Forget about the difference with respect to arena capacity ... I want to know if Inflation really is THAT bad nowadays?


Michael Donovan said...

I do not ignore the displacement, and the challenge of displacement is that it occurs correctly, which it was not. My words describe that overall disappointment, even if you feel that I am not specific.

Scott, you cannot say "no one wants," and the basic premise of redirecting tax dollars to make intelligent investment is ok in my book, but then I believe government does have a role in society. And for poorly run, yes, I would agree, and I tried to change that, and also a yes, some in my party did not like the way I approached things, but worse some in your party did not like it either. I must have been in a good place.

The saddest part of this episode was the selfishness that would not go away.

That's how I feel, and I stand by that.

michael molovinsky said...

michael donovan, my comment wasn't referring to you, but to the MC reporters. however, although i appreciate your current position, i suppose in retrospect we both wish you had voted no at the time.

Anonymous said...

Anybody else remember when Pawlowski's Palace of Sport was an "investment" costing only $ 80.0 million dollars?

When does the Hustle stop?

Anonymous said...

Allentown got VERY lucky with this scam on Pennsylvania taxpayers.

Does anyone really believe taxpayers in Altoona understand they are helping to fund free money, instant equity, to PRIVATE citizens in Allentown?

How in the world does a new office building, owned and controlled, by a private citizen equate to building roads, funding state police, state parks, etc.?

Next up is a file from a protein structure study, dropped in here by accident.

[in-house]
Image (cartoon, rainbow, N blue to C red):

It doesn't, and this is where we have come as a country.

Anonymous said...

Mike D.

Good to hear from you.

Where are the independent market studies to that demonstrate a viable market for this arena? It is my understanding they don't exist. Talk about ""hope".

Scott Armstrong

Michael Donovan said...


When I finally, finally, finally got hold of various reports months after they were promised and even a few months after they were actually available, I was satisfied with a few technical reports, but not the one market report I saw.

Quite frankly, I was disappointed with it, and strongly expressed my displeasure in several meetings, to which I was criticized for being critical. In that report there were minimal financial projections. The market projection was based on a single technique, and when I applied my own analysis against that technique, I could not match their numbers. There was an explanation, which made sense, but it was only a reasonable, qualitative explanation that needed backup data.

This was near the end of my term, a year ago late September. I withdrew my support of implementation (not the project) at that time in letters to AEDC, the Mayor, and City Council.

I continued my effort, which had started with the NIZ announcement in March of 2011, for a Community Benefits Agreement (CBA), which were common in major projects like this around the country. Some had been successful (Pittsburgh) and some not so successful (Brooklyn is sometimes cited).

But no one around here seemed never to have heard of a CBA. "What is that?" I heard often. When I suggested that someone with strong urban policy experience be placed on the NIZ, I got "why?" That question did not surprise me, but certainly proved that virtually few in Allentown government (and maybe only a few within the Lehigh Valley) understand modern urban economics, sociology, and public policy.

No, it appears to be merely politics from Tammany Hall.

Michael, I would not change my original vote because I do believe that the NIZ project could be still a good one. It can still be maneuvered into policy that favors Allentownians as well as those in the suburbs. IF those in charge jettisoned their selfish "build it and they shall come" in favor of a combined strategy that focused on both buildings and people.

michael molovinsky said...